The Essential Elements of Schooner Bay
By Andres Duany
I had not been to Schooner Bay for a couple of years, so when I returned last week it was a shock—a very pleasant one. I had hoped that Schooner Bay would grow up to be a very simple place—in a sense, a very pure place—the way that I remember my summers on the Mediterranean island of Formentera. I will never forget how some of the most sophisticated, and indeed wealthiest, Europeans would find pleasure in a simple white room, an oak table, a round loaf of peasant bread, a wedge of cheese, a couple of big tomatoes, olive oil, and a knife. And, of course, good company and wine. I have tried to explain this kind of romantic island existence to as many people as would listen, but so many of the resorts ultimately became so elaborate that I sometimes ask myself, “Why do these people bother to leave Atlanta?”
I could stay personal and disclose that we designed Schooner Bay for the kind of people that authentic places attract. But, that would give too much credit to the architecture because clearly Orjan and Amanda (who grew up in the Bahamas) know very well what that almost paradise used to be like. They feel compelled to recover the experience for those who understand. And the experience is complex! Perhaps it can be conceptualized in what the ancient Greek philosophers (who were also fact scientists, as there was no distinction then) who lived in such places would have thought.
For most centuries, before the theory of the atom, scientists thought that life on earth consisted of four primary elements: Earth, Air, Fire and Water. Both the natural and human worlds were made of these elements. These four elements explain Schooner Bay better than anything else. Perhaps Schooner Bay makes atomic theory unnecessary! First, Earth: On the land of Schooner Bay, much of the food is grown. That uphill farm is a jewel. What solid virtue emanates from growing your own food! And then the houses, which are solid as rocks (they are poured concrete). There is no squishy insulation or gypsum wallboard to be ruined in case of a wave. This was the original way to deal with storms. Elevate the houses as much as you gracefully can (Schooner Beach has been elevated well above sea level by the fill from the harbour so the houses fit like part of the earth) and then make houses that can get wet without damage. And where the Earth meets the Water there is that beach. Its great curve is the primeval image of natural forces. But, there is also the man-made water: the harbour, tear-shaped, where the boats leave to fish offshore. I like to think that the fish provide the protein to complement the produce of the uphill farm.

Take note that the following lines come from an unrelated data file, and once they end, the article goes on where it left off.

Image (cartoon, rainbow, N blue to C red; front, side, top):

Beyond beach and harbor there is other water: beautiful pools will be built. Even if you have a momentary nostalgia for a Miami Beach resort, that can be assuaged with the beauty of a well-designed pool. Swimming pools are one of the things humanity does well. After Water, which is everywhere, there is Air. The sea breezes come through the windows (if I build a house it won’t have glazing). The breeze, which at night might be too much, is blocked naturally by the houses the lee of the wind. Then there are the sailboats, which is the air made visible. And staying on transportation (let’s not get too low-tech about everything), I am grateful that there are many airlines arriving at Marsh Harbour. Thank you air, for holding up my airplane.
Then Fire: the cooking is already first rate. It is simple, but there is nothing primitive about it. The bonds of community take place around the campfires built by the harbor. I had a wonderful evening with a dozen strangers staring into the fire as so easily I made friends. Fire at the heart of the community—the oldest thing in history. But, I must also bring up the high-tech fire: solar panels, and the advanced geothermal plant that taps into the temperature of the aquifer—technology, yes, but simple and durable.
So, that is how I want to think about Schooner Bay—mostly in terms of the “old science” of life: Earth, Air, Fire, and Water.
Andres Duany is Co-Founder and Principal of Miami-based architecture and planning firm, Duany Plater-Zyberk & Company (DPZ). He was raised in Cuba and New York City and earned architecture and urban planning degrees from Yale and Princeton. A respected thought leader in his field, Duany is a driving force behind the New Urbanist movement in America and around the world. He is the Co-Founder of the Congress for the New Urbanism and has co-authored two books on urban development. Duany has received numerous design awards and two honorary doctorates and his firm has completed designs for over 300 new and existing developments. DPZ collaborated on the master plan for Schooner Bay and has been involved with the community since its inception.